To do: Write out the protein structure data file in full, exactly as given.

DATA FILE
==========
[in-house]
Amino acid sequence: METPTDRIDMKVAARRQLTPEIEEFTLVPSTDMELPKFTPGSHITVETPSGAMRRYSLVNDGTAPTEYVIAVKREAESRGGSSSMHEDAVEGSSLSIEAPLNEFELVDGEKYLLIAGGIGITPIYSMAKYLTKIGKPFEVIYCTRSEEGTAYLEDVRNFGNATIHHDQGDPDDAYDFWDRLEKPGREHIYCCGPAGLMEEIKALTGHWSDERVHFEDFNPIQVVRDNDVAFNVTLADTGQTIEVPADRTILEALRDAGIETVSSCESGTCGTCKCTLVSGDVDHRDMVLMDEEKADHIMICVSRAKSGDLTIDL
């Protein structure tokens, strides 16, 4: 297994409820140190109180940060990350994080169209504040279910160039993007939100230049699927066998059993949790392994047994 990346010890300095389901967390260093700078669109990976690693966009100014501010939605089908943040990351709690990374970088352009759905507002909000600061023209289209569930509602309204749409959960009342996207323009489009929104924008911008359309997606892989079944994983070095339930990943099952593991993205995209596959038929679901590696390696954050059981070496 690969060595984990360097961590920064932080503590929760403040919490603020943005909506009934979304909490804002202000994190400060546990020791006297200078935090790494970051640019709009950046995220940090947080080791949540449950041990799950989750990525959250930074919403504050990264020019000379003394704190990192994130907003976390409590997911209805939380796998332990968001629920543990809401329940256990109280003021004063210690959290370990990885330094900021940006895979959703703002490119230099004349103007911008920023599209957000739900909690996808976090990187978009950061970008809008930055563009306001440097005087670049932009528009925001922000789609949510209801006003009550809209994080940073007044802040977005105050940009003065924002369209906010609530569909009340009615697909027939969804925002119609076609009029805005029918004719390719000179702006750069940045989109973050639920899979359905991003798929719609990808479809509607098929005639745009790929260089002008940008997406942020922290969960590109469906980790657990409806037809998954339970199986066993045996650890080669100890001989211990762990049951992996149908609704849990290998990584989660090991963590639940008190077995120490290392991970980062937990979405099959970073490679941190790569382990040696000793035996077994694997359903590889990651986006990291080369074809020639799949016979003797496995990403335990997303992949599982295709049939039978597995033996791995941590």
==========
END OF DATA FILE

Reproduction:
[in-house]
Amino acid sequence: METPTDRIDMKVAARRQLTPEIEEFTLVPSTDMELPKFTPGSHITVETPSGAMRRYSLVNDGTAPTEYVIAVKREAESRGGSSSMHEDAVEGSSLSIEAPLNEFELVDGEKYLLIAGGIGITPIYSMAKYLTKIGKPFEVIYCTRSEEGTAYLEDVRNFGNATIHHDQGDPDDAYDFWDRLEKPGREHIYCCGPAGLMEEIKALTGHWSDERVHFEDFNPIQVVRDNDVAFNVTLADTGQTIEVPADRTILEALRDAGIETVSSCESGTCGTCKCTLVSGDVDHRDMVLMDEEKADHIMICVSRAKSGDLTIDL
């Protein structure tokens, strides 16, 4: 297994409820140190109180940060990350994080169209504040279910160039993007939100230049699927066998059993949790392994047994 990346010890300095389901967390260093700078669109990976690693966009100014501010939605089908943040990351709690990374970088352009759905507002909000600061023209289209569930509602309204749409959960009342996207323009489009929104924008911008359309997606892989079944994983070095339930990943099952593991993205995209596959038929679901590696390696954050059981070496 690969060595984990360097961590920064932080503590929760403040919490603020943005909506009934979304909490804002202000994190400060546990020791006297200078935090790494970051640019709009950046995220940090947080080791949540449950041990799950989750990525959250930074919403504050990264020019000379003394704190990192994130907003976390409590997911209805939380796998332990968001629920543990809401329940256990109280003021004063210690959290370990990885330094900021940006895979959703703002490119230099004349103007911008920023599209957000739900909690996808976090990187978009950061970008809008930055563009306001440097005087670049932009528009925001922000789609949510209801006003009550809209994080940073007044802040977005105050940009003065924002369209906010609530569909009340009615697909027939969804925002119609076609009029805005029918004719390719000179702006750069940045989109973050639920899979359905991003798929719609990808479809509607098929005639745009790929260089002008940008997406942020922290969960590109469906980790657990409806037809998954339970199986066993045996650890080669100890001989211990762990049951992996149908609704849990290998990584989660090991963590639940008190077995120490290392991970980062937990979405099959970073490679941190790569382990040696000793035996077994694997359903590889990651986006990291080369074809020639799949016979003797496995990403335990997303992949599982295709049939039978597995033996791995941590």